For summer reading that will resonate long after a beach novel, here are reviews of some of the season's books. The theme in a handful? The disconnect between the worlds in uniform and out. You'll find titles with voices of four Medal of Honor recipients, the guy Tom Cruise played in a movie, a Brit, a State Department official, retired officers, professors, a Marine-turned-PT expert, and, as always, SEALs — now with parenting tips.
"The Mirror Test: America at War in Iraq and Afghanistan" by J. Kael Weston, Knopf, 608 pages, $29
This long book about a long wartime tries to do many things — and succeeds. It is an atonement and an assessment, a eulogy and an exposition, a reflection of a nation and a memoir by a man who survived "seven consecutive years in two wars."
"I was not brave," he admits. "I was lucky."
Fifteen years after 9/11, he seeks a sense of meaning, and readers are fortunate to be able to go along on his quest. "It is past time for this kind of shared reckoning" with "more of us beginning to act conscientiously, indeed responsibly, as citizens." He seems to be doing his part.
The book details his work for the Department of State in "a profession all about preventing wars, not managing preemptive ones." At 31 he heads to the "unnecessary" war in Iraq. There he befriends Muslims and works alongside Marines, whose "brotherly sacrifice did not excuse the policy malfeasance out of Washington."
Leaving Iraq, he heads "from one war right into the other because I wanted to justify my country's actions, to remind Afghans and myself what America represented."
Back in the U.S., he begins an odyssey to pay respect to 31 Marines whose deaths are "the single largest casualty incident of both wars," an incident be blames himself for. He visits gravesites and other grim reminders, including one "that gutted me" in a George W. Bush Presidential Library and Museum display of gifts: KIA/MIA bracelets sharing space with a dog bowl.
Giving "Mirror" heft are a Kipling poem, a preface, a prologue, three narrative parts, an epilogue, a soldier's journal, maps including "Hometowns of U.S. Service Members Killed in Iraq and Afghanistan," lists and lists of the names of the dead, plus 16 pages of color photographs (including the bowl) — none showing the author. The only thing missing in a sensitive, substantive work of this scope and scale is an index, which the publisher ought to put in subsequent editions.
"Tribe: On Homecoming and Belonging" by Sebastian Junger, Twelve, 192 pages, $22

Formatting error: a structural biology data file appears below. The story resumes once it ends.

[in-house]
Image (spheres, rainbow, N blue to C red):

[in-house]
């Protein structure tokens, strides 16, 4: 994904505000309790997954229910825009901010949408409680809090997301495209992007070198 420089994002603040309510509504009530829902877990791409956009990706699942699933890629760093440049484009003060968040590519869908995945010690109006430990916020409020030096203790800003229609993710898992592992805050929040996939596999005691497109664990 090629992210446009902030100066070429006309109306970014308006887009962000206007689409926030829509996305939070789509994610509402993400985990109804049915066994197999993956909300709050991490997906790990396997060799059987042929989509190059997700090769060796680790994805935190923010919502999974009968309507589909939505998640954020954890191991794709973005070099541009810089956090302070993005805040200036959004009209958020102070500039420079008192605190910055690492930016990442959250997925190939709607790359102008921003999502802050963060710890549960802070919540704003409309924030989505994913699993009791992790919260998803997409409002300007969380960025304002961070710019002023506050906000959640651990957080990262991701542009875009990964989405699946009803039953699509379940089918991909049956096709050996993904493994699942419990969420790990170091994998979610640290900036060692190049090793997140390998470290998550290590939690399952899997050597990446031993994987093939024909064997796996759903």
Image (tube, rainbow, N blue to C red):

Review originally published May 26, 2016:
... "Modern society has perfected the art of making people not feel necessary," which might explain why as early as the 18th century "a surprising number" of Americans "wound up joining Indian society rather than staying in their own," the subject of the first chapter.
Military Times readers will find the last three parts particularly pertinent. Junger explores how disaster — from the London Blitz to Bosnia — unites participants.
"If war were purely and absolutely bad in every single aspect and toxic in all its effects, it would probably not happen as often as it does." Ironically, war also "inspires ancient human virtues of courage, loyalty, and selflessness that can be utterly intoxicating to the people who experience them."
But the euphoria can end in disappointment. "Part of the trauma of war seems to be giving it up" when troops come home. "They realize that the tribe they were actually fighting for wasn't their country, it was their unit."
Their country "is often accused of being disconnected from its military, but frankly it's disconnected from just about everything." And the civilian-military divide is perpetuated by "formulaic phrases" of gratitude and by "honoring veterans at sporting events, allowing them to board planes first, or giving them minor discounts at stores.
"If anything, these token acts only deepen the chasm."
Ex-combatants "shouldn't be seen — or be encouraged to see themselves — as victims," and a perpetual Veterans Affairs benefit "risks turning veterans into a victim class that is entirely dependent on the government for their livelihood."
Such divisions are dangerous for a society that ought to include rather than exclude, and politicians don't help "when they spew venomous rhetoric about their rivals."
"Reviling people you share a combat outpost with is an incredibly stupid thing to do, and public figures who imagine their nation isn't, potentially, one huge combat post are deluding themselves."
"Anatomy of a Soldier" by Harry Parker
Photo Credit: Knopf
"Anatomy of a Soldier" by Harry Parker, Knopf, 314 pages, $26
This is a tale told by an instrument, a dog tag, a bomb and 42 other items. A skeptical reader might be wary of a first novelist's choice of inanimate narrators. Also, the settings alternate, with a chapter in an unnamed war zone and another in a hospital bed. However, the structure works.